The answer is yes, stress can be good for us. It all depends on how we respond to it. In fact, we can learn to respond in a way that’s actually good for our hearts (and our souls).
First we need to learn to look at our body’s response to stress as helpful. Second, we need to learn to reach out to others instead of keeping our stress all bottled up. In other words, we need to listen to the wisdom of our bodies.
Stress can be helpful
When I’m stressed, my heart races, my breath get shallow and fast, and my palms sweat. In my mind, I look like the person depicted in Edvard Munch’s The Scream.
I always assumed this physical reaction was a bad thing. Turns out I was wrong. This response can actually be heart healthy, depending on how we look at it. If we can regard our body’s physical response to stress as positive, it can actually be good for us.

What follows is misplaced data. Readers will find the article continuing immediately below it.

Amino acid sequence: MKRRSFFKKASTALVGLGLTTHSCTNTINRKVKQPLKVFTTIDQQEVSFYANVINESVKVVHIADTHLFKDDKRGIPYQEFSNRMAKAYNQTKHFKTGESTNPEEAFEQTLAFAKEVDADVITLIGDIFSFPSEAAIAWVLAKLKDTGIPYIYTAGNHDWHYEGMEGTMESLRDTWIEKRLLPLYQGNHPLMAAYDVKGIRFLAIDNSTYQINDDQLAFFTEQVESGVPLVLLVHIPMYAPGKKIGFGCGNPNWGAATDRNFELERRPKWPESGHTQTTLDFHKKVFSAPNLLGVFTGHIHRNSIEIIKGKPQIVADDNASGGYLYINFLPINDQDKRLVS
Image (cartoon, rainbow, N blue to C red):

In addition to the physical symptoms of stress, we also feel a need for support and connection. Following that impulse is key. When we tell someone else how we feel, our body starts to respond differently to the stress.
I learned this in an excellent TED Talk by Kelly McGonigal, a health psychologist. It’s only 15 minutes long, but if you’re pressed for time, scroll down for a summary.
You can watch the 15-minute talk here:
Summary of TED Talk on stress
Ms. McGonigal describes a study done at Harvard in which participants were given tests under stressful situations. Before the test, they were taught that the physical sensations of stress were helpful, that their bodies were preparing them to perform well on the tests.